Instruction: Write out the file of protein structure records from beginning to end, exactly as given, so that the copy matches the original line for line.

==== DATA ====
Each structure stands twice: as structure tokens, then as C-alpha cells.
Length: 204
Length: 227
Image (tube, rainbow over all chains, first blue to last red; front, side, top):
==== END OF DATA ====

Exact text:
Each structure stands twice: as structure tokens, then as C-alpha cells.
Length: 204
Length: 227
Image (tube, rainbow over all chains, first blue to last red; front, side, top):